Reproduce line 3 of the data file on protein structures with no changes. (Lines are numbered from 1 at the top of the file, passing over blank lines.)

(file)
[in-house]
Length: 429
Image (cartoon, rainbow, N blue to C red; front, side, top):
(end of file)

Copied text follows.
Image (cartoon, rainbow, N blue to C red; front, side, top):